If every Republican talked like this, it would make voters in blue states back away. But the Republicans who win there, from Scott Brown to Olympia Snowe, do not really indulge this. It's a long-standing conservative worry that is strongest in the South and West.


Chicago, Ill.: I really appreciate your even-handed, even sympathetic coverage of the right wing. It's absolutely necessary journalism.

But I wonder if you ever (apart from the gay-marriage faux pas) admit to impatience or worse with your subjects? For example, the chat last week with the so-called Tea Party leader on this site was so filled with ignorance, hatred and irresponsibility that it's impossible to take the guy seriously anymore... who do you write off? And when?

David Weigel: I never write anyone off, with the exception of really dangerous conspiracy types. I keep talking to people. The point I was trying to making last week that even when I disagree with someone I'm interviewing, I respect why they believe that, where that belief comes from. But ever since Massachusetts legalized gay marriage and the state didn't sink into the Ocean, I've had a little trouble figuring out why gay marriage opponents are so adamant about stopping the practice. But if the same activist tells me that, say, a new speech law will punish him/her for expressing this belief, I am 100% on his/her side.


Tucson, Ariz.: I noticed that Sarah Palin gave an unqualified endorsement for our state's new immigration policy. Why was not this headlines like other features the paper covers? It seems odd given that this is an important topic and she is certainly a Republican thought leader. She can help build support.

David Weigel: I disagree -- I don't think anything Palin says lacks for media coverage. I mentioned this.


Anonymous: How would a true libertarian feel about the constitutional amendment limiting states to recognizing marriage between a man and a woman? On a local level, how do they feel on laws prohibiting mistreatment of animals?

David Weigel: I'd point you to the brilliant Jonathan Rauch on gay marriage. On animal cruelty, you've brought up a still-burning debate -- there was a lot of discussion of this after the Supreme Court ruled that "animal crushing" videos were protected speech. Basically, you find few libertarians who oppose anti-cruelty laws, but few who can explain why.


Rockville, Md.: What is the "common defense"? Defense against terrorism or other similar intrusion is a given. What about defense against harmful food (and no, I'm not talking about salt content), drugs, and medical devices? Environmental hazards?

David Weigel: I don't think there's a libertarian argument against prosecuting someone whose product causes wrongful death. But the argument would be that those laws, coupled with the free market's reward for companies that produce safe goods and punishment of companies that don't, is more than enough.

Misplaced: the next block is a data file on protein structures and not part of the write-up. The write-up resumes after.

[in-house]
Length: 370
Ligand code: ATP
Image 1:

Taxes: "The flip side of what you're saying is that Democrats should be honest and admit they want higher taxes."

Are you saying that you think Democrats want to raise taxes for the sake of higher taxes? Or is this shorthand for a slightly different analysis?

David Weigel: No, they want higher taxes to pay for more services. They're not altogether secretive on this -- the Bush tax cuts are set to expire in 7 months for this reason.


Washington, D.C.: It seems Republicans have essentially ruled out tax increases as part of the budget solution (and Democrats have ruled out cuts in entitlements). I'll quote The Economist in their belief that you can't tax your way into a balanced budget, and you can't cut your way to a balanced budget either. Nothing should be off the table if we are to get serious.

David Weigel: But where do you begin the discussion? If it starts with "cutting the deficit," conservatives believe they've got the disadvantage -- that could easily lead to "sensible" tax increases. If you start with "cutting spending," then you're doing just that, and assuming some spending is illegitimate.

Plenty of conservatives distrust the president's reform commission for that first reason. They consider it a backdoor way to get tax increases on the table.


Kagan vs. Justice Thomas: With all the talk and the chatter about Kagan, why am I not seeing this comparison more often? Thomas worked in largely executive offices before a very brief stint as a judge to round out his resume for the Supreme Court. Same deal with Kagan, it seems.

David Weigel: You're right, Thomas was only on the lower court for a year, and many people assumed that Kagan's appointment as Solicitor General was a resume-builder for the SCOTUS job that liberals have long wanted her to have.

I'm interested in the way Republicans are using the "lack of experience" argument to get at Kagan's records from the Clinton administration. And I'm interested in the 180 degree flip from Democrats, who held up Sotomayor's bench experience as the best reason to confirm her. Sen. Jeff Sessions (R-Ala.) told reporters this week, sort of cheekily, that Sotomayor was able to use her experience to prove she didn't believe the controversial things attributed to her... and that Kagan can't run that play.